Like the ABC’s – C&D are two letters that go together. Chloe and Delph. Most of the time, these two are a self-sufficient unit.
‘Where are they?’ Ela, Chloe’s grandma likes to ask, when she wanders into my mum’s house from next door.
‘Upstairs, outside, in the garden,’ is my usual reply. Mostly though, I have no concrete idea. At the same time, I’m never actually worried about those two. This is because Chloe and Delph just like being together. They play, they hang out, they draw, they watch movies. Delph dances, Chloe sings.
I’m not saying that things are perfect between them. Like any two humans, conflict is inevitable. These two have situations like everyone else does. They just won’t tell you about them.
For example, Chloe came downstairs on Saturday night with a glum look on her face. Now, Chloe can do glum pretty expertly – it’s no fun being with Klo when she’s in a bad mood. Still, you don’t see it very often. And with Delph, she hardly does it at all.
‘Are you ok Klo? Is everything alright between you and Delph?’
‘No, it’s ok,’ Chloe said without skipping a beat, ‘we’re working it out.’
What does this mean? I couldn’t know – since Chloe wouldn’t say any more. She went back upstairs after a few minutes and I waited, then went up to their room. They were in bed together watching a movie on the laptop. I peered at them. ‘Are you both ok now?’
They looked up from the computer screen. ‘Yeah, of course. We worked it out.’ And that’s all I got. The rest was mysterious smiles.
These two have spent a lot of time together the last few days. Three sleepovers in a row (two at Klo’s, one at my mum’s), two trips to the pool, two outings to the park, one afternoon at the movie’s and one slightly spooky trip to the old cemetery in Hanwell. And in between, helping me to look after three cats while the twins were away and making sure Babciu (our favourite toddler) was ok.
So maybe it was no surprise, when we were coming back from Osterley Park in Krystian’s car with the neighbour’s kids Ella and Leia with us too, Delph answered Krystian’s question, ‘Aren’t you guys a little fed up of each other yet?’ with, ‘Yeah, kind of.’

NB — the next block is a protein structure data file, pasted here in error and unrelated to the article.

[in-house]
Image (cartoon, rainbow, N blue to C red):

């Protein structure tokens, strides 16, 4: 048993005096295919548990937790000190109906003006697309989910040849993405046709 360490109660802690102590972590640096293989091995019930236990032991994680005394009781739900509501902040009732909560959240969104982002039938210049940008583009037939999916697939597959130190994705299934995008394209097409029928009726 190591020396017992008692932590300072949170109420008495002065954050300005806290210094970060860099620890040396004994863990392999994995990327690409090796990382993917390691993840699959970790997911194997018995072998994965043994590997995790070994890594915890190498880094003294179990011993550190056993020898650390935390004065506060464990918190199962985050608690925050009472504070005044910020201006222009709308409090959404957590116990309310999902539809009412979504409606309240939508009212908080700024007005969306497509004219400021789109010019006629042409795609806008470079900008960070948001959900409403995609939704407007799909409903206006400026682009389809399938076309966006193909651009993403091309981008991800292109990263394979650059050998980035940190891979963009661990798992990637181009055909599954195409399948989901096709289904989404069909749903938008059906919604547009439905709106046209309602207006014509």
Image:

Chloe gasped. ‘No, we’re not!’
A little bit of gurgling in the back of the car. Slightly embarrassed looks. We got back to my mum’s, said goodbye to Leia and Ella and went into the house. Delph sat on the sofa to take her leg splint off and Chloe sat down next to her. I disappeared into the kitchen, then came back into the living room a couple of minutes later to find Delph crying.
‘Chloe was here and she left.’
‘She’s angry about what I said about being fed up of her.’
Just then, Chloe came back into the living room. She stopped when saw Delph. ‘What’s happened?’
‘Delph is a little worried that you’re mad at her for the car comment,’ I said as casually as I could. You know, not to make it into a big deal. I glanced at Delph to make sure she didn’t mind me saying. She didn’t look thrilled.
Chloe’s eyes went wide. ‘I’m not mad at her!’
Delph wiped her eyes and breathed for control. ‘But we sat down together and you got up and left.’
‘But that doesn’t mean I’m mad, Delph! I just got up to do something.’
Delph gulped. ‘Oh.’
‘You can just say that you didn’t mean it, Delph,’ I said and passed her a tissue. ‘Sometimes it helps a person feel better.’
Delph nodded heavily and wiped her eyes from under her glasses. ‘I didn’t mean it, Chloe. I’m not fed up of you.’
Chloe smiled good-naturedly. ‘I know. Now do you want to go upstairs and play?’
Delph looked as relieved as a spider who was found in the shower yesterday and didn’t get drowned. Sorry by the way to that spider I found and did drown in the shower yesterday. I didn’t mean it.
‘Sure,’ Delph murmured to her cousin, ‘I’d like that.’